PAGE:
Every mysterious death calls out for an autopsy, right? Questions need answering, motives need scrutinizing and lives need examining. All of that’s true, even if the deceased is a video game.
For everyone wondering why such a high-profile project like “LMNO” got canned, 1UP exhumes the corpse of the now-cancelled game and offers intriguing tidbits on its gestation. The title–which was being developed at EA’s Los Angeles studio as part of a much-ballyhooed partnership with Steven Spielberg–was shrouded in mystery for most of its development cycle.
1UP contributor Matt Leone’s write-up sheds light on Spielberg’s level of involvement, the game mechanics that the team was trying to create and elements of the title’s sci-fi thriller story:
On the surface, it was a first-person action/adventure PS3/360/PC game set in modern times. Players would split their time between light role-playing objectives like talking to characters to uncover information, and action sequences featuring a lot of what the team referred to as “escape gameplay” where the player would run from approaching helicopters and FBI-style agents too overwhelming to fight face-to-face. That meant hand-to-hand combat and leaping over objects with parkour-style movement to get around, but the key to everything was the relationship between the main character Lincoln and an alien-looking girl named Eve.
The player controlled Lincoln in first-person, and he didn’t speak much along the lines of Gordon Freeman in Half-Life. As the game began, he found himself drawn to an Area 51-styled military base to break Eve out without really knowing why. From then on, the two would be on the run, “escaping the government, discovering what’s going on,” according to one team member, with the idea being they would end up in San Francisco.
“The point of LMNO was to basically take all the AI that would go into a normal Sims title, and compress that down into one character that could learn and remember and change the way you play the game on the fly, and not be totally scripted,” says another former team member.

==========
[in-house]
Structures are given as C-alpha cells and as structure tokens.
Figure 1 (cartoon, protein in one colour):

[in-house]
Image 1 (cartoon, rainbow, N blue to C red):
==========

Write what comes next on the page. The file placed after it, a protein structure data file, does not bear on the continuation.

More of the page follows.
“One of the dynamics was kind of ‘Who’s in charge?,'” says someone close to the game. “It was like the domination dynamic, so if the player was kind of like, ‘I rush ahead, I open the doors, I choose what to do, when to go,’ then maybe she would shy back and act less on her own. Or if the player was hesitant, or if the player failed a bunch, she might be like, ‘Screw you, I’m gonna be in charge here. I’m going to take charge and run over and beat up these guys. And then I’m gonna be pissed at you for not being much help.'”
Apparently, “LMNO” was the source of internal tension as part of its free-running gameplay closely resembled what later became “Mirror’s Edge.” Controversy also arose from a proposed plan to make the game super-short but very replayable.
“To be honest, they were given a lot of time,” says someone close to the project. “So when people talk about this game at EA — people who don’t really know about it — they’re like, ‘What happened?’ They had two, two and a half years to dick around, and they really had nothing to show for it.”
What the team had focused on was a prototype scene that took place in a ’50s-style roadside diner.
“The way [EA works is] they have their X-slice, and that’s ostensibly supposed to be like two/three minutes of as fully realized gameplay as possible,” explains a former team member. “The problem is, with a game like this — and any open-ended game; either an open-world game like Godfather, or an open-ended mechanically game like ours, where our levels wouldn’t necessarily be like huge streaming cities but you could do a lot of different things with them — EA’s methodology always kind of breaks down. In Godfather’s case, it made them swell up to like 200 people. In our case, we had this level that was supposed to be two/three minutes, but you could actually play it for like 45. You could play it for quite awhile and do a bunch of different things. The difficulty we were having was we were trying to coalesce all those different systems into like, ‘Here’s five minutes of play that’s representative.’ When you can do so many things, it’s hard to say ‘that’s representative.'”
The piece also reveals that “LMNO” died two deaths, with the first one in 2008 coming after Neil Young–the game’s original shepherd left EA–for greener pastures. Even though every source quoted in the piece is anonymous, it’s for understandable reasons. It doesn’t really matter as all their stories have the ring of truth and paint a picture of ambition that perhaps reached too far.